It is to the commendable credit of individuals, organizations, and law enforcement officials who constantly monitor and respond as best they can to these issues when they do arise, but as it stands many resources have been spread thin to cover the crisis in various areas.
THE NEED TO EVOLVE SOCIAL SECURITY
Each of the previously highlighted issues showcase some serious faults in the safety nets of our social security structures, out of the many other numerous issues.
But what more can we do immediately to help those under duress in this crisis?
To be frank, nothing truly meaningful.
Many of the challenges we are now recognizing are done so on hindsight and the MCO has effectively impaired many from extending a helping hand. Well-meaning intentions cannot effectively be actualized, because we need to adhere to the present order to combat the infection rates of Covid-19.
All of these unintended consequences of the Covid-19 pandemic may only be truly exposed later on, but they do offer a valuable insight to the many gaps that society needs to fix so that we may be better prepared for when another crisis hits, whether it be in the near or distant future.
We should emphasize on focusing nation-building towards securing more social systems that benefit the poor and marginalised communities, with protocols and procedures that ensure they are not only given the assistance to overcome the problem but to also lift them from poverty to further cushion the impact when another crisis hits.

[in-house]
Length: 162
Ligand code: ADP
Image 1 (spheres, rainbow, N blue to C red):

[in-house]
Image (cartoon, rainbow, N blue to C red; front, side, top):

Businesses, especially SMEs which function as the backbone of developing nations will need to be given a larger degree of protection in order to ensure the survival of the wider economy, and also protect every person whose proverbial rice bowl is dependent on such economic activities as well.
More funding should also be given and allocated towards civil-society groups and organizations that also provide various aspects of social security, especially those who directly deal with cases of domestic abuse and children’s welfare.
For this to come to fruition, we must build a society and a governance system that recognize our many social security failings as arguably traceable back to two factors : :public apathy and corruption.
This has long plagued the upper echelons of leadership in our political and social sectors and we are now seeing that the ineffectiveness of our present social security systems is due to these ailments.
We must focus on building and strengthening our shared social security for the sake of our communities, and if we put more effort into strengthening it, we will be more able to weather the next crisis that befalls us, with nobody left in the lurch.
And, with that, further heights of prosperity may be possible for everyone.
5 April 2020
Mr. Hassanal Noor Rashid
International Movement for a JUST World (JUST)